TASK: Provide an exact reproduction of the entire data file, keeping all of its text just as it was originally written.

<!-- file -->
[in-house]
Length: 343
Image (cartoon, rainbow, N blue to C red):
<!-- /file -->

[in-house]
Length: 343
Image (cartoon, rainbow, N blue to C red):